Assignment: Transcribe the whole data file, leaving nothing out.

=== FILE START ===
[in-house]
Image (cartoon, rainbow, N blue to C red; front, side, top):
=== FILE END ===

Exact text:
[in-house]
Image (cartoon, rainbow, N blue to C red; front, side, top):